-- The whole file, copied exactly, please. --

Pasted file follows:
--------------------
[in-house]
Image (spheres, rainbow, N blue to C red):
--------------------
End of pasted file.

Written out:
[in-house]
Image (spheres, rainbow, N blue to C red):